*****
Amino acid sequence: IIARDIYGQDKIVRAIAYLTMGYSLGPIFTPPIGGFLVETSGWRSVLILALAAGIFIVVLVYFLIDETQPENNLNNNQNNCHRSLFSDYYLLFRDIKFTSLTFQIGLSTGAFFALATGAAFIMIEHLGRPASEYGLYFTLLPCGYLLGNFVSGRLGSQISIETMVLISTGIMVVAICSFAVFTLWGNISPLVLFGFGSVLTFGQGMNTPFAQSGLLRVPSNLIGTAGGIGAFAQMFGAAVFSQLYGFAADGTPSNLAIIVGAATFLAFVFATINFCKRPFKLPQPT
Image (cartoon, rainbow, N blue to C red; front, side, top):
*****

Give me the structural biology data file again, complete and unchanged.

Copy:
Amino acid sequence: IIARDIYGQDKIVRAIAYLTMGYSLGPIFTPPIGGFLVETSGWRSVLILALAAGIFIVVLVYFLIDETQPENNLNNNQNNCHRSLFSDYYLLFRDIKFTSLTFQIGLSTGAFFALATGAAFIMIEHLGRPASEYGLYFTLLPCGYLLGNFVSGRLGSQISIETMVLISTGIMVVAICSFAVFTLWGNISPLVLFGFGSVLTFGQGMNTPFAQSGLLRVPSNLIGTAGGIGAFAQMFGAAVFSQLYGFAADGTPSNLAIIVGAATFLAFVFATINFCKRPFKLPQPT
Image (cartoon, rainbow, N blue to C red; front, side, top):